Hairy Strike | 28.11.2012 05:30
" the site has been getting so much spam recently we have had no choice but to turn the IP capture option back on. Some of us were unhappy about this and at the very least felt we should make a statement so we don't repeat the whole 303 scandal"
As of now there is no statement on the site (US Mountain time 1030) and I for one don't expect there to be knowing the history of the mods on this issue.
Posters need to be aware of their history, Indymedia UK mods WILL pass your details to the cops if served with court orders.
Hairy Strike claims that IP addresses are being recorded and stored. There is no truth in this. Nothing has changed since we wrote the Advocating Domestic Extremism - Cops on Indymedia - An Exposé feature in early 2011. As we stated then:
...the CMS system we use has a number of anti-abuse measures which include the ability to monitor for particular IP addresses and log their behaviour. The key here is that IP addresses are never written to the hard disk - they are briefly held in the RAM (i.e. temporary) memory only. Only when particular IP addresses are identified as persistent abusers are they applied to filters. There remains no general practice of logging each and every user. Once the anti-abuse measures are turned off, any IP addresses identified are automatically wiped from the virtual memory and, as they were never written to the hard disk, no amount of forensics would ever be able to find them.
So, what is true is that the anti-abuse measures have indeed been used to protect the site against a sea of spam in Turkish, by blocking the IP addresses from which they were coming.
What is not true is Hairy Strike's claim that: "Posters need to be aware of their history, Indymedia UK mods WILL pass your details to the cops if served with court orders. "
because we don't have your details, and neither do we have any history of, nor interest in passing anything to the cops. And in any case, we can't give something we don't have.
What is also true is that most posts to the wire are of no interest to the cops in the first place. We have always advised anyone who is posting sensitive information to the wire to take steps to protect themselves and their privacy:
Here's what we wrote in the feature. The advice still stands:
Be Cleverer than NETCU - mask your identity.
Posts on Indymedia have often urged people to protect themselves from the cameras and Police Intelligence Units by masking up at public demonstrations. Those activists who have taken steps to avoid detection of covert actions before, during and after they take place, are well advised to take other steps to avoid detection when posting about those actions . This is because we know that we cannot guarantee that there are not other ways for the state to trace your computer activity.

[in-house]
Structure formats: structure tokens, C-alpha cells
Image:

In our post-server seizure article in February 2009 we suggested the following steps to to improve your security when using the IMC-UK website:
- Only post stuff to Indymedia that won't get you in trouble.
- Use Tor - an application that allows you to anonymise your IP address. Bear in mind that it is not 100% safe - see these Tor caveats. The safest way to use Tor is probably via a live CD or USB stick, see the The (Amnesic) Incognito Live System, which is designed so that "all outgoing connections to the Internet are forced to go through the Tor network" and "no trace is left on local storage devices unless explicitly asked".
- Don't post it on Indymedia, post it on wikipedia or blogspot or... well those two aren't that good, but cryptome is pretty secure and better security than Indymedia in a number of ways.
- Set up your own open publishing platform: the more the merrier.
- Don't post anywhere on the internet.
We take this opportunity to urge you to look out for workshops on internet security, and to read up on proxies, anonymisers and SSL.
We issued this statement when the server was seized last year:
Indymedia takes your privacy seriously and works hard to ensure that the strictest security measures are in place. However, while we hope that everybody trusts our commitment to protect our users - and thus our technical and security procedures - we also understand that the measures we take may not be easily understandable by non-techs. In this article we have therefore tried to explain some of the measures we take and why we take them. We end with a reiteration of our commitment to the global Indymedia Principles of Unity - and particularly want to highlight Principle 4:
4. All IMC's, based upon the trust of their contributors and readers, shall utilise open web based publishing, allowing individuals, groups and organisations to express their views, anonymously if desired.
We re-affirm that commitment to your security now, and we apologise for allowing a situation to develop where we did not inform you of the full picture. This article marks out our commitment to take steps to avoid allowing a similar situation to arise.
This article has therefore been hidden as inaccurate.